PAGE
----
By Hailey Wood, Staff Writer
In late January the city of Portland issued a request for proposals from bikeshare programs. JUMP, a bikeshare program owned by Uber, responded to the request.
JUMP was founded as Social Bicycles and has been in the bikeshare business since 2010. In 2018, the company was partnered with and then acquired by Uber.
The city is optimistic that the one year pilot will be launched in the summer of 2019.
JUMP wants to start by releasing 200 bikes into the Portland area, with a goal of 500 bikes in total.
The program will not use city funds and the cost will be out of JUMP’s pocket.
The bikes being deployed by JUMP have low-powered electric motors that can assist riders in uphill or long rides.
The bikes are paid for and unlocked by riders using smartphones and PINs inside the Uber app. When done riding, the bike is locked again and then it can be used by the next person.
The cost of using JUMP bikes varies throughout cities, with some being free to unlock and 15 cents a minute and others one dollar to unlock and ten cents a minute. In Portland the bikes will be free to unlock and 15 cents a minute to use.
Some cities have offered a “boost plan” for eligible riders enrolled in certain programs already. For the cost five dollars a month, under the “boost plan” riders can have up to 60 minutes of daily ride time covered under their monthly payment. For every additional minute, riders will be charged seven cents.
Many cities across the world have adopted successful bikeshare programs, highlighting that bike share has many perks.
Hangzhou, China has a population of seven million and 66,500 to 78,000 bikes incorporated to their program with a goal of having 175,000 released by 2020. London, Paris, Montreal and Barcelona also have massive bikeshare programs that the rest of the world has followed since.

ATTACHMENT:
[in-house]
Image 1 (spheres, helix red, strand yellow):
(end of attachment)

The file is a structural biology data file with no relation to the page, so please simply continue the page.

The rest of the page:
New York City is home to the biggest bikeshare program in the United States and was modeled after Montreal’s successful program.
For those in the area looking to explore Portland, the coming bikeshare through JUMP will be a fun, healthy and affordable opportunity to enjoy what the city has to offer in the warmer months.
When the city issued their request for proposals they had goals of what it would do for the city: promote and encourage bicycling as a safe and sustainable mode of transportation, provide additional first-mile and last-mile options to the city, expand on low-cost transportation and provide a new important role in the increase of transportation options.
Bikeshare, as it stands, will fulfill the goals the city of Portland has in mind.
“It is an awesome idea and one that Portland and other good cities have experimented with,” Dr. Robert Sanford, the Head of the Environmental Science department said. “It is a real opportunity to increase the viability and image of Portland as a livable community.”
According to the National Association of City Transportation Officials, ridesharing increases the visibility of riders, reducing the overall biking risk.
“Here are some effects as I see them,” Sanford said. “One, models a good, sustainable and resilient way to do things, two, builds community through social bonding via cooperation from sharing transportation, three, reduces dependence on automobiles, four, reduction of hydrocarbon emissions.”
**This article was updated on 4/3/19**